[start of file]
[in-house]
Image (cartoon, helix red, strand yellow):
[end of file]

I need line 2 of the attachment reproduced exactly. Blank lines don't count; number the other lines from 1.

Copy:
Image (cartoon, helix red, strand yellow):